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AT&T's plan to counter T-Mobile is Cricket Wireless unlimited

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Cricket Wireless, the AT&T-owned prepaid carrier, has announced that it's offering an unlimited data, text, and voice plan for $70 per month. That's the all-in price, including taxes and fees, and for people who sign up for automated billing the price drops to $65 per month.

There's fine print, and as you might expect it's related to the unlimited data (any time you see a carrier offer "unlimited data," your lie detector should start beeping). Cricket's download speeds on LTE are throttled to 8Mbps, and on 4G it's throttled to 4Mpbs. That's not exactly slow, but AT&T's network is obviously capable of a whole lot more.

Look out for the fine print

The other thing to note is that Cricket will block normal attempts to use your phone as a mobile hotspot — and presumably find ways to slap you down if you try to use a workaround to tether or otherwise use an unseemly amount of data. That's basically normal for any "unlimited" plan. A Cricket representative tells us that Cricket doesn't currently penalize heavy data users, but that "in the future, Cricket may consider reasonable network management practices."

So those are the details, and if you're happy with the throttled data and phone selection on Cricket, it seems like a pretty good deal. But for people who have watched AT&T struggle to counter the wacky hijinks of T-Mobile CEO John Legere, there's something deeper going on here. Cricket explicitly points out that it's offering a cheaper deal than what you can get on a similar T-Mobile plan. In fact, its press release mentions T-Mobile almost as many times as it mentions Cricket, and it's offering a $100 bonus to switchers.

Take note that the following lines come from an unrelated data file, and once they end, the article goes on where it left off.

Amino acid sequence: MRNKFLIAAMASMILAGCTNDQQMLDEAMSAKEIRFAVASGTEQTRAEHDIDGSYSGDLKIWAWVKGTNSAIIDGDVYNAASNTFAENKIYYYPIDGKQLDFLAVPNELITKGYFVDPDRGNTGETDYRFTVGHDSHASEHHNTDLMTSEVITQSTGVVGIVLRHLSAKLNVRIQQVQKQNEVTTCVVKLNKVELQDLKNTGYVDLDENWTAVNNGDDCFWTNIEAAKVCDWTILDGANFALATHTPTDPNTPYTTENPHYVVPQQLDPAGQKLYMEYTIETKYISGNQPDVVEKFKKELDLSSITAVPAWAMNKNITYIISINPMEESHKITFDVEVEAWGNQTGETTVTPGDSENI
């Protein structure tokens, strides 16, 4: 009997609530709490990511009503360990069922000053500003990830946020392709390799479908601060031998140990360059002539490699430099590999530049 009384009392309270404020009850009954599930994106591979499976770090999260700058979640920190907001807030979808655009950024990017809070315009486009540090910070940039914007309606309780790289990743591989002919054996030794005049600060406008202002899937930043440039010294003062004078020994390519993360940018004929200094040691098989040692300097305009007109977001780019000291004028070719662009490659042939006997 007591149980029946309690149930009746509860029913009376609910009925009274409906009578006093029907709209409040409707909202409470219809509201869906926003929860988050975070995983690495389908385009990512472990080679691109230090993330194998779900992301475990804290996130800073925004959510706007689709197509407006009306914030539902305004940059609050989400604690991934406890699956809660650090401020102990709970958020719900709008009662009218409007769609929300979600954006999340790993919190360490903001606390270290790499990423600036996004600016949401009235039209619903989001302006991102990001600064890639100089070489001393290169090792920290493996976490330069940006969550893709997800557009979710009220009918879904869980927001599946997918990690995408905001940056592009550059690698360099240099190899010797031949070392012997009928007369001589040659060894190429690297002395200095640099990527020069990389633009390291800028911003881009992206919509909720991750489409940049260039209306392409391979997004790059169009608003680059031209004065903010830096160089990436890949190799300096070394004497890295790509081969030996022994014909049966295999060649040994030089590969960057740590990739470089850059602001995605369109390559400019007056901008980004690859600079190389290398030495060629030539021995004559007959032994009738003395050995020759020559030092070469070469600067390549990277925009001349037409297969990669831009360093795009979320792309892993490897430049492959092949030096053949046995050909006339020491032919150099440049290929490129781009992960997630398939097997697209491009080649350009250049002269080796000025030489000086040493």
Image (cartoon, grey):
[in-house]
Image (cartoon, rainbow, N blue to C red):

Coming after T-Mobile

Cricket is even taking on a winking, needling approach to challenging T-Mobile with the new plan, saying that its prices are "Very Uncool." So, like Verizon, AT&T is trying to stay above the fray and instead it's dispatching its Cricket brand to take on T-Mobile. Instead of trying to compete directly on price, it's using Cricket prepaid to do it instead. Which makes sense, at least from AT&T's perspective: it gets to have a competitive offering and indirectly paint T-Mobile as a "budget" carrier instead of a flagship carrier.

But what might make even more sense is this: if prepaid carriers are using the same networks as the big, stodgy carriers and offering significantly reduced prices, why not switch to prepaid? There is still a weird stigma surrounding these cheaper alternatives (at least in the US), and that stigma is really starting to look silly.